Japanese Writing Systems
1. Kana and Kanji
There are three types of writing systems in Japanese: hiragana, katakana, and kanji. Hiragana and Katakana are under the 'kana' group. All types can be used in one sentence:
$B%1!<%-$r?)$Y$^$9!#(B(keeki o tabemasu. = I eat cake.$B!K(B
Hiragana and katakana are phonetic alphabets.
Katakana has more straight lines compared to hiragana, and is used for writing loan words from other languages, foreign names, and onomatopoeia.
Kanji, or Chinese characters, represents both sounds and meanings. Kanji are used for nouns, the stem of adjectives, and part of verb stem.
2. Horizontal and Vertical Writings
There are two ways to write Japanese sentences, horizontally or vertically.
Vertical writing is the traditional Japanese writing, and it is used for Japanese language textbooks for Japanese schools in Japan, literature, newspaper, and official governmental documents. When you write Japanese vertically, it starts from top right of the paper, and books with the vertical writing open from left to right.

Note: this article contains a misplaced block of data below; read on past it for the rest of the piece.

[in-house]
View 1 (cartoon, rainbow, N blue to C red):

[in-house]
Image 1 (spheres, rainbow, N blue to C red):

Horizontal writing is widely used nowadays for the publications related to the field such as foreign languages, science, mathematics, music, and all textbooks but Japanese language in Japanese schools are written horizontally. Books with the horizontal writing open from right to left.
3. Punctuation Marks
1) Kuten$B!'!Z!#![(Bsmall circle that is used to mark the end of the sentence.
2) Touten:$B!Z!"![(Bsmall comma that is basically used to break the sentence when it is too long and hard to read.
a. 'touten' is often used after conjunctions:
b. 'touten' is also used to address someone in writing:
3) Question mark
When the question marker particle 'ka' is dropped for more relaxed conversation, you need a question mark to indicate clearly that it is a question sentence$B!'(B
$B$3$l!"(B$B$G$-$^$9!)(B(Kore, dekimasu?) Can you do this?
$B$"$7$?2?$r(B$B?)$Y$k!)(B$B!J(BAshita nani o taberu?) What are you going to eat tomorrow?
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